Soba broth bowl with mushroom and cabbage

I have a sore throat and a stuffy nose, so I made a brothy version of this quinoa fried “rice” recipe, which can be made quickly with pre-sliced mushrooms and pre-washed chopped salad.  Mushrooms and cabbages are both “neutral” (neither “heaty” nor “cooling”) foods in Chinese cooking, so this dish is a safe bet if you’re trying to avoid getting sick(er).

In a small pot, bring some water to a boil and cook the soba according to package directions.
Meanwhile, rinse (and chop, if not using pre-sliced) your mushrooms. (Softer mushrooms like shittake and oyster work best here; if using woodier mushrooms chop or break into smaller pieces to reduce cooking time.)

When the soba is done, drain and set aside in your serving bowl, tossing with a small amount of sesame oil to prevent sticking.
Also add some sesame oil to the pot, and begin to fry the mushrooms (or skip this step for a less “heaty” option). Then add your chicken or vegetable broth and bring to a boil again.
Finally, add the chopped salad (I used Dole’s Asian blend, which is mainly a cabbage mix), and cook until softened.

Season broth to taste using teriyaki/soy/tamari, garlic powder and pressed ginger (again, skip for a less “heaty” option), or whatever you like. (Optional: crack an egg into the hot broth for more protein .)
Pour over the noodles and serve.

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Steak in butter

For years I’ve tried to cook steak using olive oil, since that’s the oil I normally cook with. At one point I stubbornly tried over half a dozen different “How to Cook the Perfect Steak” recipes, including Jamie Oliver’s (big fan of the olive oil, lots of flipping things around) and Alton Brown’s (involves a pan of boiling hot oil for reasons of Science, if you are clumsy AVOID). I flipped, I didn’t flip; I cooked at medium-high, high, and very high; I seasoned at different times; I rested the meat for five, ten, twenty, even thirty minutes. None of it worked. Several other recipes said to use butter or at least a higher smoke-point oil. I stubbornly refused.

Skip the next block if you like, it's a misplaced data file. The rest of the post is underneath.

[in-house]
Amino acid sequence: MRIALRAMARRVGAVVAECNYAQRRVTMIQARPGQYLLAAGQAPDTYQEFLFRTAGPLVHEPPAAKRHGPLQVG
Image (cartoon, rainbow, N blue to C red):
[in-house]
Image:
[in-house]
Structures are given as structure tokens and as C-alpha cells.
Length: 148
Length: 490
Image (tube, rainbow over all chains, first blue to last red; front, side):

Last month, on a whim, I bought butter. Today, for the first time in my life, I cooked steak in said butter, and for the first time in my life, it turned out well. I’m now completely convinced that all the rigmarole around the Perfect Steak can be boiled down to two words: use butter.

But here are more words anyway.

1. Take steak out of fridge and leave out until it’s at about room temperature. About half way through, salt quite generously on both sides.
2. In a large frying pan heat a fair amount of pure butter on high. Swirl to coat the bottom of the pan, watching that it doesn’t burn. When it’s nice and hot, add the steak. It should sizzle.
3. Sear on both sides until nicely caramelised. (Jamie Oliver says to keep turning the steak back and forth, but I just left it sitting pretty in its puddle of butter. He also says to rub it down with garlic and to whip it with herbs. I did not do this either.)
4. When it’s done (for medium rare, stop when the juices are just beginning to bubble out the sides a little bit), rest it for a couple of minutes.
5. EAT.